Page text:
FREDRICTON – New Brunswick’s highest court has ruled that a four-year-old Moncton boy can sue his mother for injuries he sustained while still in the womb.
In 1993, Ryan Dobson’s mother Cynthia was involved in a head-on car collision three months before she was due to give birth. The accident left Ms. Dobson in a coma from which she eventually recovered, but Ryan ended up permanently disabled. He still can’t walk or talk. Now, the New Brunswick Court of Appeal has upheld a lower court ruling allowing Ryan to seek legal damages from his mother.
The pro-life movement is applauding the ruling as a step toward recognition of the unborn child as a person even though Chief Justice William Hoyt was careful to point out that he foetus is still not a person under the law.
In the decision believed to be the first of its kind in Canadian motor-vehicle law, Chief Justice Hoyt wrote that a pregnant woman should be under the same duty as everyone else to drive carefully. “[It is] a duty she owes to her children as well as to the general public. If, as it is alleged here, the child suffers injury during his or her lifetime as a result of the mother’s negligent driving during pregnancy, there is no reason that the child should not be able to enforce his or her rights. To hold otherwise would create a partial exclusion to a pregnant mother’s general duty to drive carefully.
The suit was launched by Gerald Price – Ryan’s grandfather and Ms. Dobson’s father – to obtain damages from her insurance company for the boy’s care. The Insurance Act requires that the insurer defend such suits for clients. Moncton lawyer Jim MacAulay, whose firm represented Ryan, said the Appeal Court decision “recognizes that Ryan is a child who has rights just like any other child.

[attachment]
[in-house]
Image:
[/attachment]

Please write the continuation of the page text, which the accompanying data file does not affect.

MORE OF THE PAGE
It also recognizes that a pregnant woman has a general duty to drive carefully and that duty extends to her unborn child.”
But the lawyer also took pains to point out that the court has limited its decision to prenatal injuries received by a child as a result of a mother’s negligent driving “and not injuries due to her lifestyle choices, such as smoking. This decision does not limit a woman’s control of her own body,” he said.
Mr. Justice Hoyt said there is a “very real distinction between an action brought by or on behalf of a foetus and one brought by or on behalf of a child. The law seems settled that a foetus has no right to sue or be subject of an action.”
George Gilmore, president of the New Brunswick Right to Life Association, views the decision as a breakthrough. “It is an indication that the courts are beginning to move in the right direction, and that is toward recognition that the unborn child is a human being.”
– NB Telegraph via Pro-Life E News Canada